Saturday, January 14, 2012

Embracing true nature

The last few weeks I have been getting a serious life lesson by life's karmic will, or energy, or just plain coincidence. Whatever the case, in several areas of my life I have been noticing the need or benefit of embracing the true nature of things.

In the case of my beads, I decided to sit down to make some more of those turquiose vessels. Once I started looking at the glass however I noticed the EDP (otherwise known as Evil Denitrifying Purple-I will explain in a minute) sort of jumping around it's jar yelling "Me! Me!". Ok, not actually jumping...I gave that stuff up long ago....but maybe more like mentally sending out signals sort of like the old Aquaman comics. I picked up a rod out of the jar and noticed right next to it the Thai Orchid doing the same thing. So out it came as well. Now the reason EDP is called Evil Denitrifying Purple and not Elegant Darling Purple is it's habit of denitrifying. This means that right after you have just created the most marvalous, beautiful bead ever known to mankind and right before you start to cool said bead it starts to get little sparks on the surface which creates a whitish, pitted, matte finish. Hence it being evil.

Here is an example:

EDP behaving itself....

EDP being evil and denitrifying...


Please note this is the SAME bead, different sides.   So given that it is just going to denitrify, I decided to just go with it and let it do its thing.  I figured the EDP can get streaky and the Thai Orchid is a nice silvering purple, so hey, what the heck.

This was the result. Other than the bead I already showed, hardly anything actually denitrified. Nice, smooth, shiny beads. I stopped being so worried about the potential for a mistake and just did it. Weird.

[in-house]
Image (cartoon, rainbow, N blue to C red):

Then I think Ann at Soul Shine or Kathy (I can't remember which) suggested I try it with Turquoise.  So this was the result: 

Quite pretty with stringer over EDP...

But look at what happened with EDP stringer over Turquoise! Denitrifying is quite lovely here I think, and the turquoise started to silver on the ends of the one on the left, which is another true nature issue involving gas mixtures.....

This has denitrified on half of the bead, and the denitrifying made the glass spread out over the base in a very nice way..

 So this  set I will probably take down to Soulshine Studios on Market Street cause I have no clue what to do with it....

Since this is so long I will just give one more example of accepting true natures.

This is Chewie:

The whole right (his left) side of his muzzle is swollen with a puncture wound on it. Guess who the culprit was...

Yes, little Mr Innocent, sleeping in his crate. They were sleeping together in one crate by choice with the door open last night. Unfortunately Moo gets night terrors sometimes. He wakes up snarling, growling and barking for no reason whatsoever, and you have to yell at him to get him to really wake up.  He then stands there blinking like "What? Why are you looking at me?"  This time though he had a snuggle buddy who ended up on the recieving end of his nightmare.

Guess it is never a good idea to sleep next to someone who goes into berzerker his sleep.

There is a life lesson here. Choose your friends wisely. Choose your sleeping partners even more wisely. Sometimes you shouldn't mix the two. You know you could learn a lot from my dogs.


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  2. Need to add that Moo only does this overnight, not during the day. Normally we make sure he is not with anyone else at night, but Dave was staying up late so they were still out.

  3. Love those purple beads--of course I am a sucker for purple, but that bit of turquoise adds a real zing. Didn't know glass had so many idiosyncrasies.

  4. Gorgeous beads! As per usual.

    Poor Moo :( I've never heard of a pup with night terrors, though it doesn't surprise me with rescue dogs. Sometimes Lucille jumps at the strangest, seemingly harmless objects. Like a stack of books. I'm sure Chewie knows Moo didn't mean it.

    And I try to live by the whole "go with the flow" mentality too. Sometimes your gut knows best.